Not long after a New York attorney was discovered to have filed in federal court ChatGPT-generated briefing — that included fictitious citations and judicial decisions fabricated out of whole cloth — U.S. District Judge Brantley Starr this week issued a standing order that aims to prevent that from happening in his courtroom.
The move has been praised by lawyers who spoke to The Lawbook as a necessary reminder of a lawyer’s professional obligations, particularly in the absence of any statewide or nationwide guidance on the use of artificial intelligence by legal professionals.
“AI is coming and we need to start having some guardrails and processes around it,” said Todd Mensing, partner at Ahmad Zavitsanos & Mensing in Houston. “I think this order does a good job of accounting for the fact that it’s a reality, while ensuring AI products have sufficient human oversight. AI doesn’t have ethics, people do. That’s why we need controls.”
It’s an issue that the Dallas Bar Association is closely watching, said President Cheryl Camin Murray.
“We don’t have a formal policy on AI or the use of AI, but we’re monitoring it and how it may impact our profession and members and are aware of the concerns with how it may have an impact on the professional licensure of attorneys and how they practice,” she said.
Murray, who is also a partner at Katten Muchin Rosenman and serves on the firm’s AI committee, said she’s also been monitoring the technology in her private practice.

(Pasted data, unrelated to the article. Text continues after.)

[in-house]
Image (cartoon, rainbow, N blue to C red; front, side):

“Law firms are putting together AI practice groups and committees to help clients in different industry and practice areas stay up to date on forthcoming statutory and regulatory requirements on a state and federal basis,” she said. “It’s a very hot topic, and I know firms across the board are focused on this and are trying to keep up with this.”
Judge Starr’s order requires every attorney appearing before him to file a document attesting either that no portion of any filing has been generated by artificial intelligence or that anything drafted by AI has been checked for accuracy “by a human being.”
“These platforms are incredibly powerful and have many uses in the law: form divorces, discovery requests, suggested errors in documents, anticipated questions at oral argument. But legal briefing is not one of them,” Judge Starr wrote. “Here’s why. These platforms in their current states are prone to hallucinations and bias. On hallucinations, they make stuff up — even quotes and citations. Another issue is reliability or bias. While attorneys swear an oath to set aside their personal prejudices, biases, and beliefs to faithfully uphold the law and represent their clients, generative artificial intelligence is the product of programming devised by humans who did not have to swear such an oath. As such, these systems hold no allegiance to any client, the rule of law, or the laws and Constitution of the United States (or, as addressed above, the truth). Unbound by any sense of duty, honor, or justice, such programs act according to computer code rather than conviction, based on programming rather than principle.”